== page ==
Have fun gathering your materials and planning what to read and do, and I’ll see you back here Feb. 1!

Here is a code for a button for the challenge:

Laura Ingalls Wilder Reading Challenge
<div align="center"><https://barbarah.wordpress.com/2015/01/19/the-laura-ingalls-wilder-reading-challenge-2015/" title="Laura Ingalls Wilder Reading Challenge"><img src="https://barbarah.files.wordpress.com/2011/11/liw.jpg"   alt="" width="144" height="184""" alt="Laura Ingalls Wilder Reading Challenge" style="border:none;" /></a></div>

Laura Ingalls Wilder Reading Challenge Wrap-Up

Laura Ingalls Wilder Reading Challenge

Wow, the month of February has really flown! How did you do with your LIW reading? I’m looking forward to hearing about it.

If you’ve read anything by, about, or related to Laura this month, please share it with us in the comments. You can share a link back to your book reviews, or if you’ve written a wrap-up post, you can link back to that (the latter might be preferable if you’ve written more than one review — the WordPress spam filter tends to send comments with more than one link to the spam folder. But I’ll try to keep a watch out for them.) We’d also love to hear if you’ve done any “Little House” related activities.

And, if you’ve participated this month and leave a comment on this post, you’re eligible for the drawing for a copy of The Little House Cookbook, compiled by Barbara M. Walker and illustrated by Garth Williams (the same illustrator for my set of Little House books). I’ll choose a name through random.org. a week from today to give everyone time to get their last books and posts finished. You’re eligible even if you don’t have a blog: just share with us in the comments what you read and a few of your thoughts about it. If you already have this book, I can substitute a similarly-priced Laura book of your choice. (Note: the drawing is closed and the winner is Susan!)

For myself, I read and enjoyed Farmer Boy this year (linked to my review), the story of Almanzo’s childhood. I’m already looking forward to getting back to Laura’s story next year and exploring a couple of other Laura-related books I just heard about this month.

Thank you all for participating! That’s what makes this challenge so fun. I’m looking forward to your thoughts on what you’ve read!

Book Review: Farmer Boy

Farmer BoyFarmer Boy by Laura Ingalls Wilder is the second book published in her Little House series and deals with the childhood of her husband, Almanzo. If I remember correctly, I think I read that  Little House in the Big Woods and this book were all that were planned originally, and when they became so popular, then Laura went on to write other books about her growing up. Since Almanzo doesn’t appear in the rest of the series until a few books later, his story can really be read just about anywhere along the way.

The book covers a little over a year, beginning when Almanzo was almost nine years old. His father was a farmer and his family more prosperous than the Ingalls’ family, but they were very frugal as well. In this book Almanzo was the youngest of four children, though another boy was born to the family some years later.

Farming at this time involved the whole family. Almanzo and his brother Royal helped their father with the everyday chores like milking and cleaning out the animal stalls, and his sisters Eliza Jane and Alice helped their mother in the house, though Alice sometimes helped outside with planting and harvesting (in hoop skirts!) and Almanzo had to help inside sometimes during spring cleaning or other busy times.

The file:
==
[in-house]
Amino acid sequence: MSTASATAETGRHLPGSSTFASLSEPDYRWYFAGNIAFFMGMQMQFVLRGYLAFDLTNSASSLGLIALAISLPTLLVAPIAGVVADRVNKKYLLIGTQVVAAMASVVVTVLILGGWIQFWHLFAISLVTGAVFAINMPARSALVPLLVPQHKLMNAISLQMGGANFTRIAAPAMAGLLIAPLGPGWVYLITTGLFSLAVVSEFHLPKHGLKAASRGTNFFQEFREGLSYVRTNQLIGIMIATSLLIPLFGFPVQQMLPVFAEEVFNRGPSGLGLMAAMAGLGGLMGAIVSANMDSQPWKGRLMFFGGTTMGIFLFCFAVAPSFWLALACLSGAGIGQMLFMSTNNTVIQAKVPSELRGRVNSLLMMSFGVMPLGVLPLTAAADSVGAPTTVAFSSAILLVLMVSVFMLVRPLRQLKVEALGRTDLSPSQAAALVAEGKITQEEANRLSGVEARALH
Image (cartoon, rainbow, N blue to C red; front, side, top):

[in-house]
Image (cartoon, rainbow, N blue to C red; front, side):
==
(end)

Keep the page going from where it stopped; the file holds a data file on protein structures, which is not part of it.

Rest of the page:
Farmers were not busy just in planting and harvesting, though those, especially the latter, might be the most pressured times. They also made repairs, made equipment, broke horses, trained cattle, sheared sheep, cut ice, and many other tasks, while their wives spun thread, wove fabric, sewed, knitted, made hats, made (and sold) butter, etc. etc.

And the children were to participate in it all, both to learn by doing and to learn to pull together as a family. But the children had plenty of fun times as well. They attended school, though the boys could stay home when needed for certain tasks (which Almanzo preferred).

The children were no angels, but I’d say they were pretty normal. When their parents went away for a week, they slacked off on what they were supposed to do and ate a horrendous amount of sweets, then had to scramble to catch up the day before their parents were to come home. Almanzo got into a fight with his cousin (from a literary point of view, he had it coming for a long time: from a Christian and moral point of view, no, that’s not what he should have done) and threw a blacking brush (used on the stove) at his sister, which left a black splotch on the wallpapered wall of Mother’s for-company-only pristine parlor.

I mentioned before that Almanzo’s parents were frugal even though they were considered pretty well off. I remember when I had a job for a while cleaning in the home of a lady whose husband was the vice president of a large company. One day she fussed at me for washing the whole glass door when there was only one spot that needed to be taken care of. Inwardly I kind of rolled my eyes and thought, “As if you need to worry about a few cents worth of cleaner being wasted!” But then I thought, prosperous people don’t get where they are by being wasteful. At an Independence Day celebration, Almanzo was goaded by his cousin into asking his father for a nickel for lemonade. Almanzo was nine and had never asked his father for such a thing before. His father pulled out a half-dollar and asked Almanzo what it was. When all Almanzo could identify it as was a half-dollar, his father said, “It’s work, son. That’s what money is; it’s hard work.” He asked Almanzo a series of questions about growing, harvesting, and selling potatoes, remarked that half a bushel sold for a half-dollar, held up the coin, and then said, “That’s what’s in this half-dollar, Almanzo. The work that raised half a bushel of potatoes is in it.” Then he gave it to him and told him he could either spend it in lemonade or, he suggested, he could buy a little pig and raise it to have more pigs to sell for 4 or 5 dollars apiece. I’ll let you guess which Almanzo did.